Are you a person who tenses up at the thought of going to the dentist? Do dental scenes in movies send you into a cold sweat? Dental anxiety is so common that it even has its own names: odontophobia or dentophobia. If fear of sitting in the dental chair is something that you struggle with, then sedation dentistry might be right for you. Read on to answer the question "what is sedation dentistry?" as well as to discuss the types of sedation that are used, who the best candidates for this practice are, and how to discuss the risks associated with your dentist.
What Is Sedation Dentistry?
Simply put, sedation dentistry is any form of dentistry that is performed while the patient is under some level of sedation. Sometimes, the practice is colloquially known as "sleep dentistry," though this is somewhat of a misnomer. At almost all levels of sedation except general anesthesia, administered by oral surgeons, you will be awake and have some level of consciousness during the procedure.
What Levels and Types of Sedation Can I Expect?
Depending on your needs as a patient, levels of sedation can range from mild to deep, with the lightest level being inhaled sedation--typically nitrous oxide or "laughing gas"--in which you are fully awake but relaxed. From there, patients move through the levels of sedation with oral medications such as Halcion, a drug that is similar to Valium, or IV moderate sedation. The latter not only allows for quicker dispensation of the drug but also allows the dentist to continually adjust administration throughout the process. At the far end of the sedation spectrum, deep sedation and general anesthesia will leave you either nearly or fully unconscious. While you are under general anesthesia, you cannot be easily awakened until either the effects of anesthesia have worn off or have been reversed with medication. Each of these levels of anesthesia is also usually accompanied by a local anesthetic, which will be administered at the site where your dental work will be taking place in order to offset potential discomfort.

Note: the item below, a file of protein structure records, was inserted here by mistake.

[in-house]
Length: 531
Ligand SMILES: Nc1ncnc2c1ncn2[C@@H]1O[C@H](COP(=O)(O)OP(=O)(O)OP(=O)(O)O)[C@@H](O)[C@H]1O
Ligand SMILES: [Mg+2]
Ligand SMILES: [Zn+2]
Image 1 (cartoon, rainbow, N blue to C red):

Who Is a Good Candidate for Sedation Dentistry?
Although patients with dental anxiety are prime candidates, they're not the only ones who can benefit from this service. Sedation dentistry can also be beneficial to people who are undergoing large amounts of dentistry, people who have an especially sensitive gag reflex, people with especially sensitive teeth or low pain thresholds, or people who struggle to sit still in the dentist's chair. If any of these sound like you, be sure to discuss possible options with your dental service provider to see what the most appropriate level or type of sedation is right for you.
How Safe Is Sedation Dentistry?
While there is always some risk in receiving any type of anesthesia, these risks can be minimized by good communication with an experienced dentist. Most dentists are able to provide light inhaled sedation, but if your concerns require more intensive anesthetics, it's important to choose a dentist whose qualifications match your needs. When you meet with your dentist, be sure to discuss your medical history, what the appropriate type and amount of sedation is for people your age and weight, and how many procedures your dentist has performed using the sedation technique that's right for you. Additionally, dentists should provide you a form that discusses the risks involved so that you're able to keep them for your records.
Dental anxiety can be keep people from getting the care they need. In the United States, nearly 20% of all adults report having cavities that go untreated, many of which have to do with just such a fear. If you've asked "what is sedation dentistry," weighed the risks, and learned the types of sedation available, it may be time to speak to a dentist about how to proceed. If you want to take the first steps toward a healthier smile, give our office a call to set up an appointment.